However, don't feel rushed into entering all of this information now. The aim is to get a high-level overview. This means it analyzes organic and paid search traffic, organic and paid social media, display ads, YouTube, earned media, newsletters, podcast sponsorship, and any form of mass marketing TV or billboards and so on.

Your goal here is not to create a plan for each and every marketing channel, but what your competitors are doing to help you define an overall marketing strategy.

If you want to go deeper into that SEO Take a look at our SEO-focused competitive analysis.

7. Do some ghost shopping

The best way to evaluate someone's product and business is by becoming a customer. That's exactly what we're going to do here.

Review the whole buying process

Buy their product or service and use it properly. This could mean adding things to your online shopping cart, shopping at a brick and mortar store, ordering a service, or a combination of everything.

Was the process smooth? Have you encountered any problems or obstacles? Is there anything that you do particularly well?

What are their sales tactics?

Have they tried selling you more products or upgrading to something more expensive? How did they do that? Do you offer discounts? Are they trying to sell you more after becoming a customer?

Answers to these questions are invaluable for both marketing and sales teams.

How is your customer service?

I've worked in an industry where friendly and knowledgeable live support was a truly unique selling point. It contributed to customer satisfaction, customer loyalty, and even the conversion of undecided prospects.

So think about a few scenarios and test your competitors' customer service.

After using Mailchimp for many years, there is plenty of room for improvement here. Support is very limited and sometimes not available at all for free tiers and still rather limited even on paid plans. It is fair to say that below average support is the standard in larger organizations.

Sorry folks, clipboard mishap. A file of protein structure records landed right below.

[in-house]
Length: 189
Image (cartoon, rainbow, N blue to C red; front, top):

How is the onboarding process and customer loyalty?

This is irrelevant for some products. If you're buying a bottle of ketchup from a store, Heinz won't contact you to make sure you're using the product properly, send you recipe ideas, or give you discounts on future purchases.

But it's important for products like Mailchimp. What is the competitor doing to make sure customers keep coming back?

8. Conduct a NERD analysis

It's finally time to put all the data together. We're going to do a simple one NERD Analysis for it. To make sure we're on the same page, here's a definition of NERD Analysis:

ONE NERD The analysis provides a strategic overview of the strengths, weaknesses, threats and opportunities of your company.

Let's keep things simple and take a look at what I came up with for my imaginary email marketing software company:

Strengthen weaknesses opportunities Threats
Only focus on email marketing -> simplicity for the end user Not a known brand. Follow up SMBs and bloggers by focusing on what is important to them when positioning the product. Tracking customers who are already using other platforms could be an uphill battle. One thing takes time to get used to, and multiple products may be used at the same time.
Comparable product with competitors at lower cost. Significantly lower marketing budget. Discover the ability to increase email
Deliverability as one of the features.
Live support available to everyone. Competitors have a lack of integrations. We have a more flexible team -> the opportunity to be the first on the market to identify potential upcoming regulatory changes such as GDPR.
More personalized communication. Build great free high-demand tools.

To make things even clearer, here is the formal explanation of what each column should contain:

Strengthen: Advantages of the business or product over competitors
weaknesses: Disadvantages of the business or product compared to competitors
opportunities: external factors that the company can use to its advantage
Threats: external factors that can cause problems for the company

ONE NERD With the analysis you can easily summarize all the information in an understandable format.

Final thoughts

Competitive analysis is an important component in developing a great marketing strategy. However, it is not a one-time thing. I would recommend updating them once a year as you, your competitors, and the market will evolve over time.

The key is to put your insights into action. Because if you get your market research wrong, it will affect your marketing strategy as well as your tactics.

Do You Have Questions? Ping me on Twitter.